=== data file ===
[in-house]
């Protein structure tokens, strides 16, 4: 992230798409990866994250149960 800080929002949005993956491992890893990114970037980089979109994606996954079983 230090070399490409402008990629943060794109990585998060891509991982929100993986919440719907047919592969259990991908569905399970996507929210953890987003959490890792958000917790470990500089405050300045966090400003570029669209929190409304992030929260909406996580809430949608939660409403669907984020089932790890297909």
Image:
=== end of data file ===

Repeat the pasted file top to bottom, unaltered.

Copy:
[in-house]
């Protein structure tokens, strides 16, 4: 992230798409990866994250149960 800080929002949005993956491992890893990114970037980089979109994606996954079983 230090070399490409402008990629943060794109990585998060891509991982929100993986919440719907047919592969259990991908569905399970996507929210953890987003959490890792958000917790470990500089405050300045966090400003570029669209929190409304992030929260909406996580809430949608939660409403669907984020089932790890297909």
Image: